Reading Time: 9 minutes
You know that feeling you sometimes get? You come home and put your keys down and 2 seconds later you have no idea where you left them?
Or you walk into a room but you can’t remember why you even went there in the first place?
Or maybe you planned a double appointment because you forgot all about the first one?
Well, that’s pretty much what ADHD is like. Except it’s not “sometimes”. It’s 24/7.
Ok, maybe not 24/7.
People with ADHD don’t have any of these issues when they’re asleep. If they’re asleep that is as.
I say “if” because Delayed Sleep Phase Disorder (DSPD) is very common among people with ADHD as well.
Great for dancers going to festivals, not so great for people that have 9-5 jobs and need to be up early in the morning.
But no, if one of these things happens to you pretty regularly you probably don’t have ADHD.
And no, if you have days where this happens to you 4 or 5 times, you probably don’t have ADHD either. That is actually quite common and a lot of people have that.
There is no need to start linking any of these things to ADHD until you have them every day, all day. And even then you might not have ADHD. You may just be forgetful.
They’re not conclusive but they will give you an indication.
Most likely, if you take one of these tests, the test will confirm something you already know, you don’t have ADHD.
After all, despite the impression you might sometimes get from the media, only a small percentage of the population has ADHD. Your chances of being outside of this group are much bigger than your chances of being part of it.
Sorry, we’re elitists like that 😉
Granted, if you’re reading this, you’re probably wondering whether you have ADHD (or you are somebody who knows me and wonders why I act like such a random idiot at times in which case this is not relevant 😉 ) so your chance of scoring more toward the AD(H)D side of the test is slightly higher.
If you’re in that group, keep in mind the tests are not conclusive. They just give an indication.
A diagnosis is part of a longer process that involves:
- Interviews with the parents, relatives, teachers, or other adults
- a trained specialist watching the child or adult
- Questionnaires or rating scales that measure symptoms of ADHD
- Psychological tests
To give you an example, I’ll run you through my own diagnoses (in the Netherlands).
*** warning, I went on a bit of a tangent and rather than keeping it brief I, kinda lengthily, ran through most of the process, Feel free to scan if you’re easily distracted ***
First, I did an online test.
Mind you, I didn’t do it to see if I had ADHD. I did it because a friend was annoying the hell out of me by always saying I had ADHD (he did for sure).
So I decided to take the test and to proof, once and for all, that I didn’t have ADHD, I was just energetic. (I’d link the test but A – it was in dutch, and B – they’ve since replaced it with a different test).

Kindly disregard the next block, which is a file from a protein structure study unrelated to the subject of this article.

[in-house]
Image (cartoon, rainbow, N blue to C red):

As it turned out, the test had 3 outcomes (I did the test several times, purposely giving different answers, to see if it only had one outcome or more 🙂 ).
The first outcome was along the lines of:
“Nothing to see here, move along. If you want to know more about ADHD read recommended resources.”
The second outcome was a bit more open to the possibility and said something like:
“You most likely don’t have ADHD. But, if you want to be 100% sure make an appointment with your GP.”
Now I didn’t get either of those when I answered the questions honestly. Instead, my outcome said something like:
“It’s likely you have ADHD. Don’t call us, we’ll call you”
And call they did.
Within 24 hours, a friendly lady called me to do a 15-minute phone interview.
Given that I was at my mom’s place I decided to go upstairs so I could do the call in a nice quiet room, rather than in the living room. Too many distractions there.
At this point, I was sure that the tests results were wrong and this interview would just confirm that.
But, I had 15 minutes to spare anyway so why not go through the interview and be certain the test results were wrong.
So I went ahead and had a lovely chat with the friendly lady on the other side of the line.
At the end of the call, she explained that it was procedure to go over the interview with another colleague before saying anything.
Fine by me, I didn’t have ADHD anyway. That was something I was sure of. She then told me that it usually takes them about 15 minutes to discuss it and that she would call me back afterward.
Sounded fair to me.
I walked down the stairs again and started to tell mom about the call I just had when the phone rang again.
Odd, I usually don’t get that many calls. Most people know it’s much easier to reach me through messages.
Turns out that discussing my interview took more like 15 seconds than 15 minutes and they wanted me to come in for an in-person interview.
I’ll admit, at this point I was a bit confused. After all, surely I didn’t have ADHD so why did they want me to come in?
But, better safe than sorry, so we made an appointment.
By now I started to get a bit more curious. All I knew about ADHD at that time was the annoying kid next door when I grew up. He never stopped screaming and was always throwing tantrums. That definitely wasn’t me.
So why would they think I could have ADHD after all?
Luckily the web is full of information and Google is your friend (mine anyway) so I went ahead and started reading.
As I worked my way through website after website there were things I could identify with:
- Often abandoning projects before they’re done
- starting studies and not finishing (most of) them
- getting distracted even when people are having a 1-1 conversation with you
- misplacing things
- forgetting about important appointments
- forgetting what you were going to say in the middle of …
A yellow truck!!
That reminds me, I have to go to the gym!
Wait.. uhmm.. , right… I was saying something… What were we talking about again?
Never mind. Probably wasn’t important.
But also things like being able to focus very intently on things that did interest me.
At times, the focus is so strong that people with ADHD become oblivious to the world around them. Up to the point where your reading while the bell rings in school, everybody leaves the class and you don’t notice a thing until the teacher taps on your shoulder to tell you that recess is almost over and you need to get to your next class.
They even came up with a name for that, hyperfocus.
Still, everything I read seemed more like a description of my father than of me. And who cares that ADHD is hereditary.